That's at minimum, a 1600 mile drive. You will log more miles than that jockying around at both ends, driving around to find a good secure place to park for the night at a motel or whatever who will be chomping at the bit to charge you extra fees(and many of which i could see not being thrilled with a truck and trailer, it's often hard to get leeway with any nonstandard vehicle even at the rv friendly places), pulling off the highway for food and gas and getting looped around, pulling off to take breaks or rotate drivers, and more.

There is no way that driving there in a one way rental shitty uhaul truck that will plausibly break down or fuck up along the way will actually be cheaper, nor will it be a "fun adventure". Look, i'm the kind of guy who thought buying a city bus on ebay and driving it up the coast without much more of a mechanical inspection than "yep, that's an engine in there, and it runs. there's tires on the wheels with air in them too, and the brakes make the right whooshy noise" was a fun idea because #YOLO and whatnot.

Go check uhauls rates. The smallest truck they'd let you tow like this with that would be up to it, iirc, is the 14ft. And just on uhaul fees alone WITHOUT GAS they quoted me $1027 to go from pueblo CO to the annapolis shop and drop the truck off(random main one in maryland it chose). I don't think i could get it to spit out another drop off location in MD. Note that uhaul does NOT rent out their regular pickup trucks for one way moves like this. Ditto on their regular sized econoline type vans.

So you're buying an asston of gas to run the truck that will be getting stupendously awful mileage because it's towing and it's a uhaul truck, and uhaul trucks get irrationally bad mileage for what they are probably from all the abuse and sketchy maintenance(think 5mpg, just do the math based on that). Assuming you get 5mpg, you're paying $1122 for gas assuming you just drive straight as an arrow down the highway and never pull off. So assume you're REALLY going to pay like, $1500 for gas. Realistically for some headroom, just pretend that's it. It's also worth noting that uhaul quotes this as a 2000+ mile journey. Also note that assuming you get 1-2 MPG more isn't saving you a ton of money here either.

So you're already at $2527 minimum, and you haven't even factored in full meals, RV space parking fees at motels, any other supplies you'll end up needing or random snacks/coffee(on a trip like this, i once had my pants spontaneously rip like stripper pants when i leaned over. i had to drive to a walmart and buy new cheap jeans. things like this happen on EVERY big road trip).

This is a $3000 trip. And you'll leave thinking it's going to cost that much and end up spending hundreds of dollars more. It happens every. single. time.

Buying enclosed transport would be at least a grand cheaper even if the 2k price doesn't include taxes or some fees. Spend the difference on a new set of tires and hoses for the car, and some jugs of oil and coolant and a quality socket set, and a shop manual on ebay.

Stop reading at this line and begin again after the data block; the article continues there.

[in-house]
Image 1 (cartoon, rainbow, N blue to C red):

I love stupid adventures like this, but this one just sounds like a slog. The bus one i did was also a massive amount of miles, but it was in the summer and the weather was awesome and we were just sleeping in the bus every night, and didn't have to cross any ??? terrain. It's winter right now, and even if you weren't going to do this for a few weeks it would still be prime snow and shit weather season in a lot of areas. I dunno, it just sets off my nope-o-meter since shipping is an option and cheaper no matter how you slice it.

Sorry to be a huge stick in the mud, but i'm just telling it like it is.

by the way, i'm happy you ruled out driving it. I wouldn't even drive that car 50 miles right now. You're going to spend months driving it around town, just between neighborhoods or on some short 50mph intercity highway trecks to learn it's quirks/foibles/weird glitches. That is not something you want to do on a trip like this. I bought a car quite a lot like this, but a bit newer(66) and it took me MONTHS to figure that crap out, and i encountered more than a couple problems that would have been freaking disastrous even if i was just driving a couple cities down on i5 on a 45 minute drive.
posted by emptythought at 12:54 AM on January 2 [8 favorites]


What is his plan for the Chevy? Let it sit and tinker on it when he gets the time? Or have it restored by a professional shop? If the latter, see if they won't do the move for a reasonable price (since they will be doing the work on it.)
posted by Thorzdad at 6:53 AM on January 2


Try Uship.com As seen on TV.
posted by Gungho at 8:18 AM on January 2


Came in to say my husband has actually done this once. In 2010 he bought a 1971 Datsun 240Z from craigslist in Los Angeles, and drove it home to Boulder, Colorado with a stop along the way in Silver City, NM to pick me up from a bike race.